Differential morphologic effects of two fractions from fetal calf muscle on cultured chick ciliary ganglion cells

Ken Vaca, James McManaman, Sherry Bursztajn, Stanley H. Appel

Research output: Contribution to journalArticle

4 Scopus citations

Abstract

An extract of fetal calf striated muscle was found to support the survival, growth and differentiation of chick ciliary ganglion neurons in dissociated cell culture. The active material was precipitated in a single fraction by 35-60% ammonium sulfate. When this active fraction was passed over a concanavalin A-Sepharose column, only a portion of the activity was bound to the column and could be eluted by high salt. Both the bound and unbound fractions supported long-term neuronal survival and enhanced the neurons' capacity for acetylcholine synthesis. The two active fractions induced distinctly different morphologies in the cultures. The bound, salt-eluted fraction resulted in the extension of long, narrow multiply branched neurites with frequent varicosities, but it failed to support non-neuronal survival. The unbound, flow-through fraction caused the neurons to extend processes which aligned with each other and with the non-neuronal cells in dense networks. Striated muscle may thus possess the capacity to send more than one signal to modulate the development as well as maintain the survival of motor neurons.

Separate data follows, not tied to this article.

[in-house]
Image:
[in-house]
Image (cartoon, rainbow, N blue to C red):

Original languageEnglish (US)
Pages (from-to)37-46
Number of pages10
JournalDevelopmental Brain Research
Volume19
Issue number1
DOIs
StatePublished - Jan 1 1985

Keywords

  • acetylcholine synthesis
  • ciliary ganglion
  • muscle extract
  • neurite extension
  • primary cell culture
  • support cell interactions

ASJC Scopus subject areas

  • Developmental Neuroscience
  • Developmental Biology

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